The Benefits of Volunteering as a College Student
You may have done some community service as a high school student to improve your application for college, but why should you continue to volunteer in college? Believe it or not, surrendering some of your free time to serve others can benefit you as you prepare for a career.
People of all ages, cultures and industries, volunteer. Depending on where you serve, you will have the opportunity to interact with others who are active in the community, which will enable you to learn more about local companies, popular industries and other networking events. You could end up standing right next to a CEO. Don’t be afraid to talk to people. Get to know them and let them get to know you.
Don’t discount the staff at nonprofit organizations either. If you do a good job, you’ll earn their respect and they can serve as references in the future. They may also have important contacts they can refer you to when you’re ready to begin job hunting. Nonprofit board members are often company and community leaders.
Volunteering gives you the opportunity to try out new jobs. You may realize that you want to use your degree to pursue a career different than the one you had in mind. You are rarely locked into a volunteer position the way you are a job, so use your time to explore interests. Offer to help out in different areas that interest you.
Volunteering abroad has become very popular. You can volunteer internationally for as little as 1-2 weeks, and many international volunteer programs include language classes or tours as part of your trip. Volunteering in a new place shows that you aren’t afraid to try something new to support a cause you believe in.
Volunteering is a great way to learn skills you wouldn’t otherwise. You may have the opportunity to write, learn computer programs , manage a marketing campaign, or plan an event. These are all skills that will be incredibly valuable to a future employer and the hands-on experience you gain through volunteering will not go unnoticed. These experiences can be used as examples in future interview situations.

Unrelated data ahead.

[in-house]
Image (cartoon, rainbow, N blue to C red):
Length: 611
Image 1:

If you notice another volunteer or a staff member doing something you’re interested in, ask them if you could spend an extra hour shadowing them to learn that particular skill. See if there’s a class you could attend or a certification they recommend. You’ll likely impress them with your eagerness to learn.
A greater purpose
Your volunteer role doesn’t have to be all about the future. It can benefit your life the day you start, simply by giving you something to focus on outside of school. It’s unhealthy to focus so intensely on grades that you forget the world around you.
Use your volunteer time to lift yourself up. As you begin to interact with those you’re serving, notice the difference you’re making just by giving your time. Is the event you’re serving at raising money for those in great need? Is the food you’re passing out nourishing bodies? Is tutoring providing an underprivileged child with the hope that he or she also can go to college one day? Allow yourself to feel good about what you’re doing and to realize that you can in fact make a difference.
Volunteering may ultimately be about serving others, but the work you do will always benefit you as well. Use the valuable time you are given as a student to learn more about yourself and the world around you.
Extracurricular Activities That Impress Colleges
The competition for admittance to many colleges and universities is intense. There are simply more applicants than the spaces available in post-secondary degree programs.
Admissions officials consider numerous issues in deciding which students to select. Grade-point average, SAT and ACT scores, essays, and other factors are important. Some students overlook the value of including extracurricular activities on their applications.
Why Extracurricular Activities Matter
Many colleges look favorably on those who took part in activities outside the classroom during high school. These experiences offer opportunities to grow in ways that book learning does not provide.
You can become more well-rounded by getting involved in a wide range of endeavors. In addition to gaining knowledge and experience, you learn teamwork and social skills. You grow as a person as you develop patience, humility, and other attributes.